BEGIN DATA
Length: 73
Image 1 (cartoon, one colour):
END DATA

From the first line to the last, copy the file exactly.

Length: 73
Image 1 (cartoon, one colour):